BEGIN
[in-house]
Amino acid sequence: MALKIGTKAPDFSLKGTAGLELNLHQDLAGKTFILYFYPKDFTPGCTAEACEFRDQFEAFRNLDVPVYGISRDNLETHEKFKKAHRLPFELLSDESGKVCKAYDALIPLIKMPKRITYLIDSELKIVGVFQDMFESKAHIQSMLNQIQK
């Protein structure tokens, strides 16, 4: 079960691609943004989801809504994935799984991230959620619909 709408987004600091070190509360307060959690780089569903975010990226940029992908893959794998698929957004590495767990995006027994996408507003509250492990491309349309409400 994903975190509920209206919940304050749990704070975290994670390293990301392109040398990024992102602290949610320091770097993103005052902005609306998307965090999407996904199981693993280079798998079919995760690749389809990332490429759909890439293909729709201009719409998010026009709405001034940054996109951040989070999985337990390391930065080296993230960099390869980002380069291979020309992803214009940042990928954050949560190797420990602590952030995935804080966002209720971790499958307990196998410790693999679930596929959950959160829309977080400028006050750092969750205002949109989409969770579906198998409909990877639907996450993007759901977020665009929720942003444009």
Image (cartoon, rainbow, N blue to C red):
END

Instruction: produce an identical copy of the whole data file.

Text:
[in-house]
Amino acid sequence: MALKIGTKAPDFSLKGTAGLELNLHQDLAGKTFILYFYPKDFTPGCTAEACEFRDQFEAFRNLDVPVYGISRDNLETHEKFKKAHRLPFELLSDESGKVCKAYDALIPLIKMPKRITYLIDSELKIVGVFQDMFESKAHIQSMLNQIQK
């Protein structure tokens, strides 16, 4: 079960691609943004989801809504994935799984991230959620619909 709408987004600091070190509360307060959690780089569903975010990226940029992908893959794998698929957004590495767990995006027994996408507003509250492990491309349309409400 994903975190509920209206919940304050749990704070975290994670390293990301392109040398990024992102602290949610320091770097993103005052902005609306998307965090999407996904199981693993280079798998079919995760690749389809990332490429759909890439293909729709201009719409998010026009709405001034940054996109951040989070999985337990390391930065080296993230960099390869980002380069291979020309992803214009940042990928954050949560190797420990602590952030995935804080966002209720971790499958307990196998410790693999679930596929959950959160829309977080400028006050750092969750205002949109989409969770579906198998409909990877639907996450993007759901977020665009929720942003444009």
Image (cartoon, rainbow, N blue to C red):